I am somewhat new to long-distance running. Having professional kayaking as a background I used to have zero time for anything else, really. However, finishing a marathon has long been on my bucket list and, finally, Munich Marathon was my first 42.195km race.
I may be slightly biased in my review, but from experience I truly believe the race was organized very well.
In fact, there are so many emotions and information I’d like to share that I made a bunch of posts. I’ve covered my training program and dramatic account of the race on this blog already. Here I put more practical information for whoever is considering running this race in the future.
Munich marathon takes place on the second Sunday of October. That’s usually a week after Oktoberfest – the traditional Bavarian beer festival lasting 3 weeks.
Not sure if it’s done on purpose or not, but I can imagine it can be hard to resist a beer or two for someone who comes a week early.
October is usually warm in South Germany, but this time the weather on the race morning was rather chilly – just a couple degrees above freezing. However, most of the runners in front were in shorts and light shirts. To be honest, many of them were shivering and some were rubbing a warm-up gel on their thighs.
Later in the day it got much warmer – to around 10 degrees – which is more comfortable for running. I ran the whole marathon in tights and long sleeve shirt and at some point regretted having so much clothes on.
Next time I would wear a shirt or a sweater for the first part of the race and throw away once warm.
Volunteers will pick those up and donate to good causes later.
As with many marathons, there are several prices depending on when one signs up. The closer to the race – the more expensive. I signed up in the middle of summer (around 100 days before) and at that time the price was 85 euros without a shirt (that was additional 35). Signing up in spring would save me 15 euros.
Overall, it’s not the most expensive of marathons (like the New York City marathon), but still quite pricey.
Most races in Germany and many in Europe are tracked using Champion Chip technology and Munich Marathon is no exception. The chip is a small yellow thing that tracks your time which you tie to your shoe with laces.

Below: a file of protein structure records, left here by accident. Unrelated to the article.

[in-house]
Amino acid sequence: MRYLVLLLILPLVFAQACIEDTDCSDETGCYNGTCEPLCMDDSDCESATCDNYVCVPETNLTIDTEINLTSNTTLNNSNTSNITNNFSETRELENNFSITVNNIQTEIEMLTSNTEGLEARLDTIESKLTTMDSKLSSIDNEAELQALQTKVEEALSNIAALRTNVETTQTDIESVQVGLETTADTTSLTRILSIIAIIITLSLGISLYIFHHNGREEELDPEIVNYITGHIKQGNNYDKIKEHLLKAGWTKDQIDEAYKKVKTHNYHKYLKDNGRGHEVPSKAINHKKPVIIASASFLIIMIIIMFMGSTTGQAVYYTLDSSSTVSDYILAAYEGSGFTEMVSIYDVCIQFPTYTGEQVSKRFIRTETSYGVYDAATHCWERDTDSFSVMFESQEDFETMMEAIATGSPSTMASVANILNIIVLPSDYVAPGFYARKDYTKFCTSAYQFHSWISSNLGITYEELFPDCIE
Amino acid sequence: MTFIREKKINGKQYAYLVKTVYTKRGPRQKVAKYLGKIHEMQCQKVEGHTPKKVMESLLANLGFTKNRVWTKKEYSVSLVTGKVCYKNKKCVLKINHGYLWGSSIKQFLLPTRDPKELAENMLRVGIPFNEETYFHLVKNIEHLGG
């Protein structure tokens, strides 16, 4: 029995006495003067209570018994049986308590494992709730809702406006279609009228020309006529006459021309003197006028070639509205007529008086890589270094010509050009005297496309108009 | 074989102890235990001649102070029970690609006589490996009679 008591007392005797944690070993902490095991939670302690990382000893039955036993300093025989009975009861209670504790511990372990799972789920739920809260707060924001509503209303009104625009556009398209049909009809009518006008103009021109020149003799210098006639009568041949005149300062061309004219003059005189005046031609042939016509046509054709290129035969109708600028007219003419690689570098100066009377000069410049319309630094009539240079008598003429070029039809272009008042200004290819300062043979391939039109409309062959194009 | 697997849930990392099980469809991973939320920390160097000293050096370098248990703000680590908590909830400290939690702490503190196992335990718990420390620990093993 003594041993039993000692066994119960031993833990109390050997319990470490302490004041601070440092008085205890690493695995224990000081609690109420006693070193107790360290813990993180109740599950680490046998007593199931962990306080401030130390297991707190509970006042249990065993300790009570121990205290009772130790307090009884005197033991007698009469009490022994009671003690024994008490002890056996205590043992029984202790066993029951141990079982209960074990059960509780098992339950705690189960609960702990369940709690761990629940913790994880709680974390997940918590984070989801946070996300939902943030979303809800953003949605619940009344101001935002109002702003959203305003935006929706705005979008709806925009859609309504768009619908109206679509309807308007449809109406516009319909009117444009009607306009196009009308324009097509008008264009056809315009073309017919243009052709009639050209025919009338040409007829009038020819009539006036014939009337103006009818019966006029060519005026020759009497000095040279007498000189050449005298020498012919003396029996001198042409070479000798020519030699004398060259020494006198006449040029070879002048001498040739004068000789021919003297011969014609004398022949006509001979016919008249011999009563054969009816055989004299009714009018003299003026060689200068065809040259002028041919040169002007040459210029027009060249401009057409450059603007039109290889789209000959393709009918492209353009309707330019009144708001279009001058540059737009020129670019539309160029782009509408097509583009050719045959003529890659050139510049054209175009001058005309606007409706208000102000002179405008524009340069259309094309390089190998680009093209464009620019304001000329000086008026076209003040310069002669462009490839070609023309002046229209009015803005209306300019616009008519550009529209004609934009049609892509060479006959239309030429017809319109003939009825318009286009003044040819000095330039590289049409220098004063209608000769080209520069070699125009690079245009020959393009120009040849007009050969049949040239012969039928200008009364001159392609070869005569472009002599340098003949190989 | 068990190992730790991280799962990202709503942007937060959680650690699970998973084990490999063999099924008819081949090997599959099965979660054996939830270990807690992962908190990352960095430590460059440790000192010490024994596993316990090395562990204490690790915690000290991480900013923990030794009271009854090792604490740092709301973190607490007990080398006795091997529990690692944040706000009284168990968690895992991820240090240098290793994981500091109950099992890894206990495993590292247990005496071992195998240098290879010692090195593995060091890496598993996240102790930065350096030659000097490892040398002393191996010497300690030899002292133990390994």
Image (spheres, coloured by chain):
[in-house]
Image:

You can buy it and use in multiple races or, as I did, pay 8 euro to rent for a day. They give the chip at the time of number pick up and you need to remember to tie it up to your shoes before the race yourself. Upon finishing just throw it in a special box and you’re done.
More advanced marathons switched to using a built-in chip in your starting number, but here you still need to use the one in your shoe.
Race number pickup is at the Expo that runs from Friday to early morning of Sunday. At Saturday noon when I came it was quite packed. It took me 20 minutes of waiting just to get my number and the bag of goodies.
The bag was not a keeper, though – it was in light purple color. It also left marks on everything it touched.
Goodies were good, though. A nice neck warmer (that I still use a lot during cold morning runs), some vouchers for nuts, hotels and restaurants, apricots (that I ate right away), liquid for cleaning gore-tex material and anti-blister gel samples. Good catch.
Munich Marathon 2016 race
Now coming to the race itself.
The Munich Marathon course will take you through the city center and the famous park – the English Garden. The park has the same idea as the Central Park in New York. It’s, in fact, considered the biggest urban park in the world.
The further you go into it, the more it starts to represent a forest, though.